There really are fashion police after all! Or, at any rate, there’s at least one person out there who wants to be a clothes cop.
This would-be garment gendarme does not work for Vogue, Elle or any other fashion magazine. Nor am I speaking of the protagonist of The Devil Wears Prada. The wannabe wardrobe warden in question is also not a mullah and does not live in a reactionary theocracy.
Rather, he is none other than an Atlanta City Councilman (This makes me very happy to be living in New York!) C.T. Martin.
This peach of a Georgia lawmaker has introduced legislation that would outlaw clothing that exposes undergarments, including thongs, bra straps (uh-oh!) — and boxer shorts. While this would seem, on its face, relatively egalitarian in its repression, Martin’s comments to Ann Curry reveal the real target of his proposed law. "I don’t think women should have to see that. I don’t think young girls should have to see that. I don’t think children should have to see that," he told the decorous and tastefully dressed Curry on Today.
So it’s about protecting women and girls, eh? Ayatollah Khomeini himself couldn’t have said it any better.
Do I — or any other member of my sex — have to be "protected" from the sight of a bra strap or a thong? Most men I know wouldn’t want to be "protected" from any such thing, so why should any man think that we need to be shielded? So what, exactly, does the Honorable Mr. Martin think we should not be exposed to?
Why, the back of a young man’s boxer shorts, that’s what! I know that my psyche has been irreparably damaged by all those hideous prints and patterns and all those ghastly colors disgracing the tushes of so many of our inner-city adolescent males Why do they have to sashay along sidewalks as their slacks and jeans slide away from their waists, down to their thighs? Don’t they have any respect for their elders? Themselves? I am s-shocked and offended beyond words by…
Their bad taste. Not to mention the judgment of the wise and venerable Mr. Martin. Now, if Martin is upset that otherwise beautiful boys bedeck themselves in such an unbecoming way, I’m with him. Not only does this look flatter almost no-one, it makes navigating cracks in sidewalks, potholes and other urban hazards more difficult (or so I would think). And the origin of this un-fabulous fad rightly gives Martin, me and many other people pause.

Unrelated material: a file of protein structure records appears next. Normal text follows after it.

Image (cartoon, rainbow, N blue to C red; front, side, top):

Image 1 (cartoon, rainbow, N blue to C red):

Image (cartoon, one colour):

Nearly everybody agrees that the trend of wearing saggy pants began in prisons. One version of the story says precariously pantaloned young men are commemorating the moment a new inmate is divested of his belt. (The newly arrived prisoners are also relieved of their shoestrings. This practice is believed to have spawned the twin trend of wearing high-topped sneakers without laces.) Another version — which I find less credible — says the low-slung lederhosen were signals that their wearers were spoken for: a coutural "Keep Out" sign, if you will. Either way, young men (and, sometimes, women) believe they are proclaiming their solidarity with those who are incarcerated and, by extension, everyone in their community who is a victim of a racist, corrupt system of law enforcement.
This identification makes no sense to me, any more than "bug chasing" does. How does inflicting a handicap or illness on one’s self make one more like other members of his or her community? I’m sure that Councilman Martin and many other people ask themselves some version or another of this rhetorical question all the time. We don’t want the people we love to make their lives more difficult than they already are. Why add the burdens of illness, ungainliness or a deliberately unsightly appearance to the disadvantages one already has from being, through no choice of one’s own, a member of a stigmatized group?
If we want to "protect" people, especially the young, whose lives are on the boundary, the best we can do is to point out the harm they are doing to themselves and others by their behavior. They may or may not listen, but that still gives us — and them — more motivation to change than some law that will probably difficult and expensive, if not impossible, to enforce. If education doesn’t work, neither will legislation.
Even the Ayatollah, who had the full force of his military and the authority of Shira law behind him, couldn’t control the habiliment habits of every woman in his country. (This, among other things, is related in an excellent book I’m reading: Azar Nafsisi’s Reading Lolita In Tehran.) What makes the estimable Atlanta City Councilman C.T. Martin think he has the right impose his taste — or mine, for that matter — on a whole city located in a country that has at least some semblance of liberty?
If he doesn’t like what he sees, he should talk to the young men in question — or look the other way. It works for me, and a lot of other people. As my English aunt would say, he shouldn’t get his knickers in a twist over that.
Justine Nicholas [send her mail] teaches English at the City University of New York.